If you’re going to create virtual objects that appear to float in the air between people, one way to do it is to actually put a virtual object in the air between people. This seems to be the principle of the Holodeck from Star Trek, the Next Generation. Such approaches have the disadvantage that you need some kind of site-specific projection device, so they are most likely not going to scale up to inhabit the entire shared world around us.
As I mentioned in an earlier post, an early fictional version of this projection-based approach is the one developed by the Krel in the 1957 film Forbidden Planet, clearly a direct inspiration for what George Lucas put on the screen twenty years later:
Art imitates art
Around 2002 Jeff Han and I collaborated on a project to try to make something for real, which we called Holodust.
Our basic approach was to draw the virtual object with a laser beam directly onto a cloud of dust. Of course you don’t know the exact position of each particle in a cloud of dust, which is why our plan was to use two lasers: An infrared laser would sweep through the cloud. Whenever it happened to hit a dust particle that it would be useful to illuminate, a second — visible — laser would flash, thereby lighting up just that one dust particle.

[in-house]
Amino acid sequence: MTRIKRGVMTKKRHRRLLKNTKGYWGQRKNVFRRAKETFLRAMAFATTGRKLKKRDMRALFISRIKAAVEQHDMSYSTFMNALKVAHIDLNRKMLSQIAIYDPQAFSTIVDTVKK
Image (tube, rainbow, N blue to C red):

Here is a visualization of what a Holodust display might look like, together with a photo from an experiment that Jeff built to test the principle:
Note that there is a big distinction between such displays and, say, the Heliodisplay by IO2 Technology, which projects a flat image seemingly in thin air (actually into a thin sheet of water mist). The Heliodisplay is not eccescopic, since you don’t see a different image when you walk around it.
In contrast, the wonderful 360o Lightfield Display at USC is indeed more eccescopic than Holodust, because even the shading of the virtual object can change as you look at it from different directions. Unfortunately, it relies on a slanted metal mirror rotating at very high speed, so it you tried to touch it you would most likely destroy both the display and your hand.
Sometimes art imitates life. When I see the little sparkly dustlike particles in the air within the floating display of a virtual brain from Joss Whedon’s recent TV series Dollhouse, I definitely get the impression that it’s supposed to operate through some kind of Holodust: